- There are certain IGOs, notably the Red Cross, where the underlying treaty stipulates how to use that particular IGO name or abbreviation. Violation of the rules for use in such a treaty would constitute an additional ground for objection and dispute resolution.

Olof Nordling clarified that the purpose of the particular procedure related specifically to the second level, but that the issue needed to be addressed for existing gTLDs as well.
Kristina Rosette added that there was no agreement in international law for existing mechanisms to address the issue. The IPC was willing to form a group of interested, informed stakeholders including members of the GAC with a goal of reviewing the draft proposal and, reporting back to the Council not later than February 2008.
Robin Gross commented that it was an unnecessary piece of special-interest legislation.

Steve Metalitz, IPC Chair, commenting from the floor supported the idea of further work by a small group.

Jon Bing added that there was no agreement on the protection of the abbreviations or names on the international level, but that in many translations, there was explicit prohibition to use those abbreviations to confuse with the membership of the nation in the international organizations under discussion.
National prohibitions exist and creates complications which was exactly one of the reasons why current dispute resolution procedure should be avoided.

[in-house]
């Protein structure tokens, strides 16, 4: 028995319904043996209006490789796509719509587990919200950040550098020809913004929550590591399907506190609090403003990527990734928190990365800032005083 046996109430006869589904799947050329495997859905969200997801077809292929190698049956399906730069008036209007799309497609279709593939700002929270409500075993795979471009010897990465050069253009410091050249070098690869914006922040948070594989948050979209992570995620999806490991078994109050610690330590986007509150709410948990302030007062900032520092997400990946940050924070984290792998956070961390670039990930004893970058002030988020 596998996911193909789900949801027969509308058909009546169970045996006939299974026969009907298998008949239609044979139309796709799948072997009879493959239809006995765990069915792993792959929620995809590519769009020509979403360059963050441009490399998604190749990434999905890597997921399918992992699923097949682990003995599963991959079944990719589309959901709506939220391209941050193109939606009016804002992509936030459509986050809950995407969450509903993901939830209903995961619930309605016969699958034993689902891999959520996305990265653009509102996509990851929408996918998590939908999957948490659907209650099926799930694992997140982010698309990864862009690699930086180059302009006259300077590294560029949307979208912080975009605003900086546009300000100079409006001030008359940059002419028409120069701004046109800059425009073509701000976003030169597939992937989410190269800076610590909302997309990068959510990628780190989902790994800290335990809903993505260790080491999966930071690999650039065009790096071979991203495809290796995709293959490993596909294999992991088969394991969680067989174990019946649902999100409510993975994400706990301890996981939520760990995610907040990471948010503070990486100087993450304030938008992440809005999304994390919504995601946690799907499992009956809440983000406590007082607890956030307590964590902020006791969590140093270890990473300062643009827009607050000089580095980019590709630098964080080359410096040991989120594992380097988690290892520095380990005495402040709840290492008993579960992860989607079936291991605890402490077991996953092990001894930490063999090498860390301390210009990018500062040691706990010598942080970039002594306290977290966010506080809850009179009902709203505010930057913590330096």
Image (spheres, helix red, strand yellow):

Jon Bing went on to say that there was no international consensus on the protection of those organizations. The nature of the disagreement mainly referred to which organizations should enjoy protection and there was great variance in that respect.

Mike Palage, from the floor cautioned against overstepping the protection that IGOs were afforded under international law by trying to fill the void that existed.
Mike O'Connor, from the floor, speaking as an individual, member of the CBUC supported the IPC work.
Wendy Seltzer, from the floor expressed concern at the proposed dispute resolution procedure in that it went further than the UDRP in being unfriendly to the registrant of a domain name, and suggested that the process be
stopped in its tracks.

Kristina Rosette, seconded by Jon Bing proposed

Whereas, the Council has previously requested and received both the 15June 2007 "GNSO Issues Report on Dispute Handling for IGO Names and Abbreviations"
http://gnso.icann.org/issues/igo-names/issues-report-igo-drp-15jun07.pdf
and the 28 September 2007 "Staff Report on Draft IGO Domain Name Dispute Resolution Procedure;"
http://gnso.icann.org/drafts/gnso-igo-drp-report-v2-28sep07.pdf
and

Whereas, the Council believes that further work on the draft IGO Domain Name Dispute Resolution Procedure is appropriate before voting on whether to initiate a policy development process on this issue; and

Whereas, the Intellectual Property Constituency is willing to lead a small ad hoc group to review and consider a proposed draft dispute resolution procedure,

Now, therefore, be it resolved that the Council authorizes the creation of a small ad hoc group of interested informed and representative stakeholders and members of the GAC to review, consider and propose as
appropriate revisions to the Draft IGO Domain Name Dispute Resolution Procedure set forth in the Staff Report, and instructs the ad hoc group to report to the Council with its recommendations not later than 15 February 2008.